It’s now clear the Reserve Bank’s priorities have shifted from the health and strength of the financial system, towards the first rate rise to come.
The second Financial Stability report for 2009, released this morning is very different in tone and content from the first one in March, when we and the world were still cowering, wondering if the tsunami that rolled across the word from mid-September 2008 onwards, would immerse us or recede.
Recede it did as markets regained their poise; following multi-year lows touched around March 9. So strong has been the rebound that some equity markets are up 50%: Asia is rebounding, dragged forward by China, and that includes the Australian economy (and New Zealand, as we learned yesterday is back in positive territory).
Now the big policy questions for the bank are the everyday ones of inflation, resources, bottlenecks, government, business and private spending, aggregate demand, unemployment and the most appropriate level for interest rates.
Get Crikey FREE to your inbox every weekday morning with the Crikey Worm.
In contrast, the US Federal Reserve overnight confirmed that its economy was recovering, but said the many programs designed to help the economy, business and consumers, would remain in place, with interest rates remaining at their current rates of 0% to 0.25% for “an extended period”. in other words, the US economy remains very weak, and despite the rally in markets and bank shares, financial groups are not yet clear of the woods there.
In Australia, the RBA has moved beyond that as it has become increasingly confident the global economy had survived the battering, and Australia has emerged from the tumult intact.
Now, relegated to committees here and internationally, and to discussions with industry are the big policy questions of new rules for banks, bank remuneration, capital levels, capital types, and failure.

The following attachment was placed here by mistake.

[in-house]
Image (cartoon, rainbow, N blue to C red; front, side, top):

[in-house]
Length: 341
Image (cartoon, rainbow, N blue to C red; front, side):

The recovery in confidence and re-emergence of risk as being acceptable to investors means the RBA and other central banks no longer have to worry about what happens if a bank that is too big to fail, does.
So in the latest financial stability report, the RBA is much more sanguine:
In summary, global financial conditions remain challenging. But, while further setbacks cannot be ruled out, the severe downside risks that loomed six months ago have significantly abated.
The resilience of the Australian financial system through the crisis period has reflected a combination of factors including the comparatively mild nature of the overall economic slowdown in Australia, the absence of large-scale exposures to structured securities, and relatively conservative lending practices, particularly for housing.
While loan losses may rise further in the current environment, Australian banks remain better placed than their counterparts in many other advanced economies to weather any further adverse developments in the global financial system.
The report discloses that home loan arrears rose again, but at a more subdued rate. While rates on no doc or lo doc non conforming loans remain high , these loans are only about 0.50% of all housing loans.
The bulk of the home lending either remains on the banks’ books, or have been securitised:
By loan value, the share of non-performing housing loans on banks’ balance sheets was about 0.6% in June, and about 0.9 per cent for securitised loans. Although these rates are higher than the low points seen in the earlier part of this decade, they are still low relative to international experience,
In aggregate, it is estimated that currently about 25 000 households are 90 or more days in arrears on their housing loans, compared with a (revised) estimate of about 23 000 at the end of 2008.
Across all housing loans in Australia, it is estimated that about 20,000 borrowers were 90 or more days behind on their mortgage repayments in December 2008, compared with an estimate of 13,000 the previous December.